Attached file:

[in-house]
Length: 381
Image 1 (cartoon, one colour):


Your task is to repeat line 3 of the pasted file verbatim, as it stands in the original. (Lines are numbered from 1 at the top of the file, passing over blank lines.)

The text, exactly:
Image 1 (cartoon, one colour):